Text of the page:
What are woodchucks? — Emma’s student essay

What Are Woodchucks?

Another name for a woodchuck is a groundhog. Woodchucks are closely related to squirrels. Adult woodchucks are about 16 to 22 inches long and weigh between 5 – 13 pounds. Woodchucks have dense bodies covered in brownish-gray fur with a small tail. Their life span is about three to six years, but they live longer in captivity. Woodchucks are really clean animals and are resistant to diseases that infect and kill other animals. Woodchucks still get rabies though. Woodchuck population grows quite rapidly because the gestation period for a woodchuck is 32 days and they typically have six kits in a litter.

Woodchucks are very active during summer days. If they are not eating, they are either laying or sleeping in the sun. Woodchucks are mainly vegetarians but will occasionally eat insects.

Woodchucks will eat a variety of grasses and chickweeds, clover, plantains, and many varieties of wild and cultivated flowers. They like to eat fruits like blackberries, raspberries, and cherries. They may be seen eating grasshoppers, June bugs, and other large insects. 

Woodchucks start to eat a lot of food in late summer to prepare for hibernation. Woodchucks hibernate from October through March. As a woodchuck hibernates its body temperature drops from 99 degree Fahrenheit to 40 degrees Fahrenheit. Also, their heart beats will drop from 100 beats per minute to only 4 beats per minute.

Woodchucks live in the western and eastern regions of the United States. For their habitat, woodchucks live in burrows. The burrows are about two to six feet deep and can spread up to 40 feet. There are many different levels and chambers with specific functions like nesting, waste, etc. The main entrance can be identified by a large mound of dirt next to the hole. There are several other holes to enter the burrow.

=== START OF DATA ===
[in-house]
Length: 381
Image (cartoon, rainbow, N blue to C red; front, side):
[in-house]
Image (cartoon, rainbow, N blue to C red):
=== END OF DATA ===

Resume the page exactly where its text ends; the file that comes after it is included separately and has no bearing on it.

Groundhog popping out of his hole

Woodchucks have their benefits in nature. The first thing is that woodchucks help with soil health. Rainwater is able to infiltrate into different levels of the soil and the rainwater can help refill both unconfined and confined aquifers because of the burrows. While burrowing, woodchucks bring humus into the different levels of the soil which helps the soil horizons. 

Second, woodchucks also help the biological properties of the soil by mixing nutrients in the soil while burrowing. Also, woodchucks create homes for other animals because once woodchucks leave their burrows new animals inhabit them. Third, woodchucks are a natural pest control for insects by eating them.

Even though woodchucks provide helpful factors to the soil, woodchucks are considered pests to many farmers and gardeners. Woodchucks cause damage to the produce being grown. Woodchucks can destroy flowers and flower beds. The woodchucks’ burrows are also damaging because they tend to burrow under foundations of buildings. While burrowing, they create unwanted holes in lawns and can create power outages by chewing on electrical wires.

There are many ways to remove woodchucks. The most common way people remove woodchucks is by trapping them by using a cage and relocating them. Also for trapping, people can call a professional to deal with the pest situation. Another way to get rid of woodchuck is to spray your yard with a repellent you can buy at a store. There are also some DIY ways to remove woodchucks. One way is to use blood meal (dried animal blood). Blood meal will repel woodchucks because of its smell, but it will also help fertilize your yard. Another way is to use talcum powder. The scent and presence of talcum powder repels woodchucks and will not hurt the growth of vegetation.

Even though many people see woodchucks as pest because of their destruction, some may see woodchucks as an environmental friend.

Author: Emma Topham

Carthage College

Student Scholarships

Every year Thrive Pest Control hosts an essay contest and the reward is a 1-year scholarship at a 4-year university in the United States. This blog post is one of those scholarships.